Be honest: One year ago were the terms “super-spreader” or “social distancing” on your radar?

COVID-19 has clearly changed the way we live, but it’s also changed the way we talk. At this point, “Pfizer or Moderna?” is a perfectly acceptable pick-up line, right up there with, “Your Zoom room or mine?”

It’s a whole new lexicon. And Desert Sun columnist Shad Powers has picked 10 words or phrases that — while all too familiar to us now — he attempts to define using pre-pandemic knowledge, such as “purple tier,” which he writes is the best part of the parking garage at the Prince Museum.

Need a chuckle on this Friday? Check out the others.

Charitable donations increased in 2020

Despite the devastating health and economic circumstances of the COVID-19 pandemic several local entities report that charitable donations actually increased in 2020. (Photo: pexels.com)

We’ve all seen the memes bidding adieu to the fiasco that was 2020. (My personal fave: Tyler Durdin’s “The first rule of 2021 is you don’t talk about 2020.”) But despite the pandemic and all that came with it, it seems there is at least one area that actually prospered: charity.

Despite the devastating health and economic circumstances of COVID-19, several entities report that charitable donations actually increased in 2020.

“People haven’t stopped giving,” says Charee Gillins, marketing and communications director of Inland Empire Community Foundation (IECF), the largest nonprofit public charity serving Riverside and San Bernardino counties. “It’s encouraging to see individuals and major funders step forward, responding with generosity.”

In fact, IECF reports a significant increase in giving in 2020: $23 million, compared to $16.3 million in 2019.

That’s a noticeable spike, with $7.1 million coming from COVID-related donations. As Gillins says: “Major crises, like COVID-19, bring people together.”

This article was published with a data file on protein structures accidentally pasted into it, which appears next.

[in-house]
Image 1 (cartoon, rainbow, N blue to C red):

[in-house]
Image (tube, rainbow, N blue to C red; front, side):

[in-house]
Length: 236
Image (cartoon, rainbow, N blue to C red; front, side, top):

Will the uptick in giving continue through 2021? Let’s hope so.

Having trouble taking in so much information? How about some

Bite-sized news bits

Sidney (not pictured here) will be relocated as soon as she voluntarily enters her transport crate. (Photo: Elianne Dipp, pexels.com)

  • If it can drive itself, it ought to be able to plug itself in to recharge: TechCrunch reports that a California bill quietly introduced into the California State Legislature would require all self-driving vehicles to be zero-emission by 2025, making the Golden State the first in the nation to give self-driving cars a deadline to electrify.
  • One of L.A.’s most famous eateries turns 90. El Coyote Mexican Café, known to history buffs as the site of Sharon Tate’s final meal back in 1969, is a nonagenarian as of Friday. CBS Los Angeles reports that the family-owned restaurant is celebrating by offering a taco with rice and beans for only 90 cents Friday. On Saturday and Sunday, El Coyote pizzas will be offered at 90 cents. (Editor’s note: This place has great margaritas.)
  • I love a happy ending: Sidney, a female harbor seal who was likely born premature and abandoned by her mother in February 2020, has found a new home in New York City. Rescued by Pacific Marine Mammal Center near Abalone Point in Laguna Beach, Sidney has spent the past year in rehab, as CBS Los Angeles reports. But when it was determined she lacked the necessary skills to survive in the wild, the New York Aquarium agreed to take her.

And finally, set your DVR, if you still have one:

“Oprah With Meghan and Harry: A CBS Primetime Special” will air this Sunday, March 7 at 8 p.m. EST/PST. (Photo: HARPO PRODUCTIONS – JOE PUGLIESE)

Oprah Winfrey’s home-grown (i.e., filmed here in California), highly anticipated two-hour interview with the Duke and Duchess of Sussex — or, as I like to call them, Harry and Meghan — will air Sunday on CBS. The pair is expected to discuss their marriage, the media scrutiny they’ve faced, their estrangement from the royal family, and their subsequent move to the U.S. Quel drama!

Have a great weekend! We’ll be back in your inbox Monday with the latest headlines.

In California is a roundup of news from across USA Today network newsrooms. Also contributing: CBS Los Angeles, The Sacramento Bee, San Francisco Chronicle, TechCrunch.

As the philanthropy and special sections editor at The Desert Sun, Winston Gieseke writes about nonprofits, fundraising and people who give back in the Coachella Valley. Reach him at [email protected]